Jul 202010
Propeller Assembly

An interchangeable hub propeller assembly

On the Propshaft

A typical recreational boating propeller is mounted on a splined propshaft with a thrust washer, spacer, washer and nut, with some provision to keep the nut from turning loose, such as tabs on the washer or an additional cotter pin. There are exceptions, like the shear pin systems that were once widespread, but now most are as discussed here.

Thrust Washers

Various thrust washer shapes. Not all are splined.

Thrust Washer

The thrust washer is mounted on the propshaft, between the lower unit and the propeller, and it may or may not have splines. It’s an important component of a boat propeller’s installation, because it fits the shaft in such a way that will not allow either itself or the propeller to move forward under thrust, thereby transferring thrust to the shaft and protecting the gear housing and its seal from contacting the rotating propeller.

A matching taper on the propshaft and the washer is one effective design that stops a thrust washer from moving too far forward.

The thrust washer also helps to keep the propeller centered on the shaft when the soft inner prop hub fails to do so under adverse high-torque conditions.


Inserted in the prop is a splined inner hub, which serves as a shock absorber between the prop blades and the shaft. A good prop hub should keep the propeller precision-centered on the propshaft, dampen vibrations and help protect the shaft from the severe shock of striking a submerged object with the propeller.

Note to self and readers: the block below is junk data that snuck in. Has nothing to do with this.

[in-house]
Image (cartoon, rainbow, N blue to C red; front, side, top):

Prop Hubs

A Rubex interchangeable rubber hub (left) and a pressed rubber Solas hub

There are two basic types of hub (in addition to some rare specialty hubs): a pressed rubber hub or an interchangeable hub. The pressed hub is semi-permanently forced into position by a high pressure press in a prop shop. By contrast, the interchangeable hub is easily inserted by the prop installer. Each propeller is designed to use one type or the other. While pressed hubs are made of rubber, interchangeable hubs are sometimes made of a more rigid material, but we find that rubber interchangeable hubs offer better vibration dampening.

What’s the difference between Rubex and Solas? Most Solas propellers are of the pressed rubber hub type and a few have specialty pin drive hubs. All Rubex props use interchangeable rubber hubs. There you have it!

Next: Spacers and more in Part 2

  4 Responses to “Understanding Boat Propeller Assemblies (Part 1)”

  1. Your info is not very helpful.
    I buy a Yamaha F20, I have a light boat and want to go as fast as the engine allows.
    So which propeller do I need?

    I like aluminum.

    Thanks for your info


    • For top speed from your 20hp, our Solas Amita 3 blade aluminum propeller is the most appropriate of the Solas blade styles. It is available from our dealers in a range from 7 to 11 pitch as found in our prop finder. The higher pitches will move the boat faster than the lower pitches, but you want to make sure you don’t over do it or the engine will have a hard time getting the boat on plane when you have a full load.

  2. have yamaha 350 and would like to try my mirage props need to buy the hubs can you help me thank you ### ### ####

    • Big outboard! I forwarded your question to the Solas USA office via email along with your phone number. Thank you for your inquiry.

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